Oil Price Rises After Lower US Inventories

Crude futures rose modestly on Thursday after a larger-than-expected drawdown in U.S. crude stockpiles, with gains checked by a stronger dollar and position squaring ahead of the expiry of the front-month contracts in gasoline and diesel.

Oil has lost more than $10 a barrel over the past month, with global benchmark Brent nearing a six-month trough earlier this week and U.S. futures near four-month lows, amid a global glut, resurgent dollar and recent stock market tumble in China.

But Wednesday’s U.S. government data, showing an unexpectedly large weekly draw of 4 million barrels of crude, more than 20 times what analysts expected, brought the selloff to a grinding halt.

Brent LCOc1 was up 50 cents, or 1 percent, at $53.88 a barrel by 10:27 a.m. EDT (1427 GMT), extending its slight rise in the previous session.

U.S. crude CLc1 climbed 20 cents, or 0.4 percent, to $48.99, after an 81-cent gain on Wednesday.

“There are people still digesting the data from yesterday and that’s feeding into today’s sentiment, but you also have a stronger dollar to deal with,” said David Thompson, executive vice-president at Powerhouse, an energy-specialized commodities broker in Washington.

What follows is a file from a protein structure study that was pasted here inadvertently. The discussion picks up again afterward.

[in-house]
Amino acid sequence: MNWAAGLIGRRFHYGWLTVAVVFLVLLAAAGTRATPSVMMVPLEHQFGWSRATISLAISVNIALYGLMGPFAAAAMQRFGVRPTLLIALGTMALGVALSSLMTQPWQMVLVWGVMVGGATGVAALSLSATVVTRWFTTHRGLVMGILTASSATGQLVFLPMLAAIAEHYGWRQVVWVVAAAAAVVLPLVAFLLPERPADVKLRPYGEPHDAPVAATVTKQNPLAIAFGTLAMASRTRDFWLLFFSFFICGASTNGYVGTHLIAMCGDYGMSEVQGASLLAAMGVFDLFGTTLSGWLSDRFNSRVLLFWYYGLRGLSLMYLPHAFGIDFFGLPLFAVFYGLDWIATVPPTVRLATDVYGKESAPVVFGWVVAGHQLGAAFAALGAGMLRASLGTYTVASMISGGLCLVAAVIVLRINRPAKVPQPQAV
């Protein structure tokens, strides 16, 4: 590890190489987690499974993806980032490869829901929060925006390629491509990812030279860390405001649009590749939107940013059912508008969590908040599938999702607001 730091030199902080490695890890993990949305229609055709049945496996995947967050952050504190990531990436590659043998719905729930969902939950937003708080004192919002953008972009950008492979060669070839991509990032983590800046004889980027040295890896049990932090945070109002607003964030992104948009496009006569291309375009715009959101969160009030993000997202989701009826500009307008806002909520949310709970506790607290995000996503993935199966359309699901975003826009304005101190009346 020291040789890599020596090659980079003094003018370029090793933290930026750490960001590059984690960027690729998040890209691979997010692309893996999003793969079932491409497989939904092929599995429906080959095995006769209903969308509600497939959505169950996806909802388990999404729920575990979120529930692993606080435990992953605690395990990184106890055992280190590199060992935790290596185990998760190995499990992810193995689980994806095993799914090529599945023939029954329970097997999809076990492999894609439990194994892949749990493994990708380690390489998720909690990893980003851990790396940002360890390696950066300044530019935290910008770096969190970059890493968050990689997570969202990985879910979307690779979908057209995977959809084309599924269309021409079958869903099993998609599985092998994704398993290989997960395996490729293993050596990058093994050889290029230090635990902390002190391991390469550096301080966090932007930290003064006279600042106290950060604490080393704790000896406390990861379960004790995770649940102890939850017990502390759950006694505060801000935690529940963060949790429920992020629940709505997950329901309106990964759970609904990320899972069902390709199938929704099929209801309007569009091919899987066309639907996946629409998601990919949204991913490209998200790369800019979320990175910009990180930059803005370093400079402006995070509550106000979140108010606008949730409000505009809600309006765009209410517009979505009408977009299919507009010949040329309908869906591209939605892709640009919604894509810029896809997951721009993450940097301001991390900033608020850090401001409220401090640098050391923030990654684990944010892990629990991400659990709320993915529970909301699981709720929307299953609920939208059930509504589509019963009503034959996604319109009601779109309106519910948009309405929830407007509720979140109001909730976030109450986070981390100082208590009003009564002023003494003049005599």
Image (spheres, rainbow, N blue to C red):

via Reuters

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Alfonso Esparza

Alfonso Esparza

Senior Currency Analyst at Market Pulse
Alfonso Esparza specializes in macro forex strategies for North American and major currency pairs. Upon joining OANDA in 2007, Alfonso Esparza established the MarketPulseFX blog and he has since written extensively about central banks and global economic and political trends. Alfonso has also worked as a professional currency trader focused on North America and emerging markets. He has been published by The MarketWatch, Reuters, the Wall Street Journal and The Globe and Mail, and he also appears regularly as a guest commentator on networks including Bloomberg and BNN. He holds a finance degree from the Monterrey Institute of Technology and Higher Education (ITESM) and an MBA with a specialization on financial engineering and marketing from the University of Toronto.
Alfonso Esparza